We are here to enjoy life and make the most of it, according to our own desire -- I see no other purpose. Right now, I'm watching the wildlife in the yard, and none of them seem to worry about their "purpose" in life. I think the way humans do it actually takes away from our purpose in life. How can we actually be fulfilling any purpose in life if all we're doing is worrying about whether or not we're fulfilling our purpose? Good. I'm glad that doesn't make any sense to you either.

I have faith in the basic goodness of people. We all want to contribute. Those who commit acts that are hurtful to others must must be living in pain, filled with unmet needs. I have compassion for them in this sense, and I think that they would also choose a more humanitarian path if they were not hurting so much.

I have faith in the basic goodness of myself. When I hurt someone else, it is because I am hurting. I've gotten into the habit of asking myself what needs I can take care of for myself whenever I feel like lashing out at someone else. Sometimes a need can be satisfied by talking to the other person, sometimes it can be satisfied regardless of the other person's involvement. I love that flexibility and the intuition that helps me take the most productive path. And when I don't, I love that I always have new opportunities!

So, rather than feeling amazed at all of the blessings in my life, or instead of feeling overwhelmed with emotion, I am feeling full with happiness that there is so much abundance! I am so very glad for the diversity of gifts shared among us humans!

Finally, I truly appreciate the time to write all of this while my children are sleeping peacefully. I think I'll go take a shower while I have the chance.

Jolene =)

Tuesday, June 1, 2010

Photos of April-May 2010

We managed to get a dozen garden projects done in April during Gerard and Trudy's visit.

As usual, Joran has his own projects in mind.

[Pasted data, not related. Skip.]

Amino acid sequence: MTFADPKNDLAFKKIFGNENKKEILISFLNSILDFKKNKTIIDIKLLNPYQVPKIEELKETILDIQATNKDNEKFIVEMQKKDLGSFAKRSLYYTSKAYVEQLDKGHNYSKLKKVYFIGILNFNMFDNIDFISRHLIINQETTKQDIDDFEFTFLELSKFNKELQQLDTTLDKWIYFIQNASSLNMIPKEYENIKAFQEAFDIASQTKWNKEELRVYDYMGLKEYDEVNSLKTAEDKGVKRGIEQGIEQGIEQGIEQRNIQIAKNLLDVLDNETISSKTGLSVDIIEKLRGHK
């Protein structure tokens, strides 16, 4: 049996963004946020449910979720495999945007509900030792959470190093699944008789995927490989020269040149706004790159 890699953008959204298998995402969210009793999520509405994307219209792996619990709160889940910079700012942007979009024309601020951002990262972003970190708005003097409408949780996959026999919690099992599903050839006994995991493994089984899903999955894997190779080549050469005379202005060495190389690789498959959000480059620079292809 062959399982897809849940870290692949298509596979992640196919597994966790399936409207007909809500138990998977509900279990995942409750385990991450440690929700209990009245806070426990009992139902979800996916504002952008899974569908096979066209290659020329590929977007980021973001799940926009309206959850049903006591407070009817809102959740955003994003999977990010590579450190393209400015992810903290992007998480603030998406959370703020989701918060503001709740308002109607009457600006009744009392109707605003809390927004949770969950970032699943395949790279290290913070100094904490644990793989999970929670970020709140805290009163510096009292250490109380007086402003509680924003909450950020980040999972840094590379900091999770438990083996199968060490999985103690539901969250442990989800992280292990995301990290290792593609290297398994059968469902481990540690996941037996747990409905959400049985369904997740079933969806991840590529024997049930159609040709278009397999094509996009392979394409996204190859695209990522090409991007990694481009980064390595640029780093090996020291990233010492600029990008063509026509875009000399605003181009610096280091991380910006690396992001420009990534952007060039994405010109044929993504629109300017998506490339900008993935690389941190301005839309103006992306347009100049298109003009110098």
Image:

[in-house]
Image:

White-washing fence, creating gravel paths and new garden beds.

The dirt arrives.

Earl and his tractor helping with excavation for the greenhouse.

And time to enjoy it all.

5 eggs/day and they make delightful pets, too!

John's brother Maurits with girlfriend Mariska visited us for 3 weeks.

Jasmijn loved Snoqualmie Falls as much as our guests, who knew of the falls from the popular TV show, Twin Peaks.

Jasmijn really bonded with Mariska, so happy to have a new "auntie."


We just got back from the LIFE is Good Unschooling Conference in Vancouver, WA, and I have a lot of thoughts. I can break it down to 2 main take-aways from the weekend:

1. My perceptions of what goes on for Joran internally can be wrong. Joran is very introverted around people he does not know well. Even when we go for playdates with friends he knows, he can be pretty quiet, internally focused, playing alone with whatever toy interests him, or just sticking by my side for a while. Yet, he loves playdates and wants to go back to see friends again and again. Likewise, when we go someplace that is fun for him, he spends a lot of time in silent observation. Many times, he is grumpy and disagreeable or just quiet and unhappy-looking, often expressing a desire to leave, and I think he hasn't gotten anything from the experience, I feel upset that he's not more easy-going, communicative and able to show enjoyment for things most kids outwardly enjoy. But then, hours or days later, he will talk about what thoughts he had and what fun it was.